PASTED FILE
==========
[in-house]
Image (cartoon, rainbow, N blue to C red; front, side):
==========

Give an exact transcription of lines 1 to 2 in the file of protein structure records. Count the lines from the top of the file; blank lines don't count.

[in-house]
Image (cartoon, rainbow, N blue to C red; front, side):